Usually, the first Media Challenge race of the season is my fastest because the conditions are the most hospitable. The least hot, the least humid. I was confident I’d be speedy in race #1, not only because of the weather, but also because of the two superb workouts I’d had this weekend, plus Tuesday off as a rest day. I was hoping for proof, or for a reminder, of what I have to look forward to in October in the marathon. Yes well. Humility is a helpful on race day, too, right?
Or rather: Doesn’t it just suck when the rest of life rises up to fuck with our running?
I work in book publishing, which affords me the specific pleasures of a constant supply of free books, of working with lettered and intelligent humans, and of racing in the Media Challenge Series every summer. I work in book publishing, which means I submit myself to lower salary norms, long hours spent working for little return, an insecure environment due to a changing consumer landscape (ebooks), and, once a year, the grueling schmooze-a-thon of Book Expo America.
I used to loooove BEA. Parties! Cute men in nerdy glasses! Free books! Celebrity authors! Parties! Cute men in… okay okay. Nowadays, I strategically maneuver my way through BEA to avoid as many phonies, succubus, aspiring authors, and exes (oops) as possible. This means my appointment book is pretty fucking lean (yo). (Who has time for meaningless or pointless? Certainly not me.) However, Wednesday (yesterday, a.k.a. race day) I could not avoid making an appearance, since I had numerous authors there I needed to dote upon. (If anyone requires references as to my doting abilities, just ask. I know it seems far-fetched but actually I am quite skilled at making others feel like they are the only person On.The.Planet.) What did all this doting mean, though, for my race? It meant there was no race, not for me. It meant that my legs were completely thrashed by the cement slab I had to walk upon all day long, and when it came time to race, my legs had morphed into that upon which they had been standing for six hours.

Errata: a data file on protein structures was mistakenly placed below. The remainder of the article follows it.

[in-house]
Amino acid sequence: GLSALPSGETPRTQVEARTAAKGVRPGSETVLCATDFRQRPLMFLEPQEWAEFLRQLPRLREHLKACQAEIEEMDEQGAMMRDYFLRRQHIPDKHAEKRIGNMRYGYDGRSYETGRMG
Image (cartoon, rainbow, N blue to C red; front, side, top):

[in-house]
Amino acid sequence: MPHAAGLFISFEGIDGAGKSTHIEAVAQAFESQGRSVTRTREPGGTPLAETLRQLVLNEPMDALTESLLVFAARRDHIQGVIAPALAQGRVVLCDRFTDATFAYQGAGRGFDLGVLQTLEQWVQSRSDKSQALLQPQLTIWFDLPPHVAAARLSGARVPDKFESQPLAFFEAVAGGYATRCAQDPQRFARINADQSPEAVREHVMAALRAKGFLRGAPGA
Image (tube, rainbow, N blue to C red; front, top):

The Jacob Javitz Center is hell for racers. New York City Marathoners, take note! Do not belabor your spin around the Marathon Expo; it will needlessly exhaust your body.
As I walked to The-Building-Formerly-Known-As-Tavern on the Green, I couldn’t deny the complete malaise that had overcome my body. We’re talking zero zip. I thought perhaps I would catch a second wind once the Go was given–that usually happens–but then thought again perhaps not, since I couldn’t even walk quickly to the race (forget jogging, or even wogging).
The race definitely happened–without me. Oh, I was on the course, but my legs did not show up. They were on strike, having filled themselves with some sort of leaden substance that made it impossible to move quicker than a 10-minute-per-mile pace. Frankly, I don’t blame them–I would be pissed too if the rest of my body made me take the brunt of the abuse from a concrete floor for the entire day. At the start, I reined myself in down the hill because every step was so jarring I thought my teeth would fall out. After that I proceeded gingerly. And that’s about it. I never felt that tightness in my chest from pushing so hard I could hardly breathe. I never pumped my arms. A few times during the two laps of Central Park’s lower loop, I thought about walking (tra la). At one point I spent an inordinate amount of time politely chatting to a shirtless runner who had pulled up beside me, that was odd yet at least distracting (the conversation; I did not glance at his torso). Shirtless running: I remain conflicted. Rarely is it a good thing for anyone other than the shirtless one.
So, I finished the race in what might be a personal worst. 3.5 miles run in 34:13, average pace 9:41. Fastest mile 9:04; slowest mile 9:58.
I can’t remember the last time I’ve been upset over race results, but this is one of them. Fucking A I run my training runs faster than this! I ran 8 miles at a faster clip just this Sunday! Do over, do over! Oh wait–there IS a do-over, in 2 weeks, it’s called Media Challenge #2. See you there, folks.